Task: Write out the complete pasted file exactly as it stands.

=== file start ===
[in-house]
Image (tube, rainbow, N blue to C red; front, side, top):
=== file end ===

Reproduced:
[in-house]
Image (tube, rainbow, N blue to C red; front, side, top):